When Australian retailer Kogan.com enacted a “tax” on customers using Internet Explorer 7 last week, it may not have been trying to become the poster child for worldwide Web-developer frustration with Microsoft browsers. But the stunt seems to have tapped into a seething undercurrent of animosity for Internet Explorer that could bring new combatants to the ongoing browser wars.
What Is an IE Tax?
Russell Kogan, owner of the Kogan.com site, announced the 6.8% surcharge Wednesday for any goods purchased on Kogan.com by users still surfing with IE 7. Kogan’s admonishment was tongue-in-cheek, but his motivation was based on serious economic considerations.
“The way we’ve been able to keep our prices so low is by using technology to make our business efficient and streamlined. One of the things stopping that is our Web team having to spend a lot of time making our new website look normal on IE7,” Kogan wrote.
Kogan’s post, and the message dialog that pops up for users who arrive at the site using IE 7, make it very clear that all that’s needed to avoid the “tax” is a simple upgrade to a newer version of IE – or another browser altogether. But his call for even lighthearted punitive action is underpinned by a very real issue that seems to be gaining traction within Web development circles: a deep and abiding loathing for any version of Internet Explorer.
Why Developers Won’t Support IE Anymore
This hatred of IE is starting to manifest in wholesale rejection of the browser, as many developers begin to refuse to support IE features on their websites. In most cases, the reason is the time and effort that has to be invested to properly deal with IE’s nonstandard ways of rendering Web pages.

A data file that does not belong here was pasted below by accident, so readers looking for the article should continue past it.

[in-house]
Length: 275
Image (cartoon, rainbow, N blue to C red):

Greek Web developer Lea Verou eloquently described the magnitude of the problem last Fall:
“If we choose to make a website pixel-perfect in Internet Explorer 6 to 8, then we are doing up to 100% more work. No matter how many frameworks, polyfills and other scripts we use to ease our pain, we will always be doing at least 30% more work for those browsers,” Verou wrote. “How many of us actually charge 30-100% extra for this work?”
Verou’s solution to the problem of dealing with IE Web development is to actually tack on a surcharge of her own.
IE 7 Costs Developers Money
“I don’t do much client work these days, but every time I’ve taken on a client project in my career, I’ve always presented options for browser support to my client. They want pixel perfection in IE 7? It will cost them more. They want IE 6 support? It will cost double,” she wrote.
Some Web developers have gone even further. Toronto-based startup 4ormat outright refuses to let any IE user sign in to their site. Co-founder Tyler Rooney outlined the online portfolio service provider’s 2008 decision to block IE this past April, citing Verou’s earlier estimates of the effort needed for IE Web development:
“Within a week it was painfully obvious that for every great idea we came up with we had to create equally terrible hacks to support IE7 or even IE8. Supporting variants of IE can easily increase design work by 30% to 100%, but complex features can easily double (or even triple) development time. It doesn’t take many developer salaries before this ‘IE tax’ can cost you well over $100,000,” Rooney wrote this spring.
Not unexpectedly, Rooney was generally positive about Kogan.com’s IE “tax.”
“I think Kogan’s decision is definitely a novel way to educate their customers about the perils of using an out-of-date Web browser,” Rooney commented in an email today.
“When we decided to not support any version of Internet Explorer back in 2008 it was a simple business decision. Not supporting browsers which our target market weren’t even using enabled us to ship a better product in a shorter period of time,” Rooney added. “Kogan mentioned that he doesn’t expect anyone to pay the tax so I’d suspect that their decision won’t have much of an effect on revenue. Kogan probably also came to the same conclusion that we did about all the other benefits that come with not supporting out-of-date browsers: huge productivity gains, shorter release cycles and happier employees.”
Good News for Chrome and Firefox?
If this sentiment against IE continues to gain traction, Microsoft could be facing a sharper migration away from one of its flagship products to Google Chrome and Mozilla Firefox.
It’s clear that the browser wars of old are taking a very new turn: Web developers are no longer rolling over and letting a single vendor dictate how websites are put together. Real standards, not just ones for which Microsoft lobbies, seem to be the order of the day.
And if developers aren’t satisfied with a browser, they are now unafraid to fight back.